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He was re-elected president by a landslide in elections in April amid widespread accusations by his opponents and rights groups of fraud, election rigging and intimidation.

The elections were mandated by the Comprehensive Peace Agreement of 2005 and part of the process toward a referendum on southern independence scheduled for January.

The Bashir government has expressed its commitment to fully implementing the peace agreement and holding the referendum on time.

According to the joint U.N.-African Union peacekeeping mission, 221 people were killed in Darfur in June. In May, more than 600 people were killed.

Niemat Ahmadi’s voice drops to a whisper as she recalls helplessly watching Janjaweed militia pillage and burn her father’s village in Darfur. The Janjaweed are allegedly backed by the Bashir government.

“I saw people burned alive, children burned alive but there was nothing I could do,” she said. Survivors who returned to the village the next day found only the charred remains of their homes, belongings and loved ones. They were warned of dire consequences by the police if they ever talked about the attack.

The incident took place in 2002, well before the international community awoke to the atrocities being committed in Sudan’s southern province.

Ms. Ahmadi, Darfuri liaison officer at the Save Darfur Coalition, said the new ICC warrant provides “big hope” to the people of Darfur that the “genocide will no longer be ignored.”

She said the international community must ensure that Gen. Bashir’s government does not retaliate against the people of Darfur over the genocide charges. “He is still committing atrocities against my people,” she said. “World leaders must make clear to Bashir that there will be consequences for his actions.”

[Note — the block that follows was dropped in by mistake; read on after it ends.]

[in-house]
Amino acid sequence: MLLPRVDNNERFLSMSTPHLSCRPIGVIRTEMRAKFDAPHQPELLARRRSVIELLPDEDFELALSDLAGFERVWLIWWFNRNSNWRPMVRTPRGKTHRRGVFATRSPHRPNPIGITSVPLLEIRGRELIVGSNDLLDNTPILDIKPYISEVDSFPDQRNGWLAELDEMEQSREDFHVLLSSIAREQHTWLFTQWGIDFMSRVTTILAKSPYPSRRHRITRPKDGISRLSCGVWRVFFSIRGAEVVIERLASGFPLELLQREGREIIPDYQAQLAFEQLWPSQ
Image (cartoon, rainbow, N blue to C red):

Gen. Bashir’s government expelled 13 international aid agencies working in Darfur when the court first indicted him.

The Obama administration has been split on how to deal with Gen. Bashir: Scott Gration, the administration’s special envoy for Sudan, is an advocate of engagement with Gen. Bashir’s government, while Susan Rice, U.S. ambassador to the United Nations, has pressed for a tougher approach.

Noting that there has been “considerable ambiguity and tension within the U.S. government over its policy approach to Sudan,” Mr. Morrison said the genocide warrant has the potential to exacerbate some of those tensions.

The fact that the U.S. is not a signatory to the ICC undermines its position on ICC warrants, he said.

“Not being a signatory greatly diminishes the leverage we might have and makes it that much easier for Bashir and others to make the case against the ICC,” said Mr. Morrison.

Last year, ICC judges refused to indict Gen. Bashir on genocide charges. The prosecutor, Luis Moreno Ocampo, appealed that ruling, and four months ago an appellate court ruled that the lower court’s decision was legally wrong.

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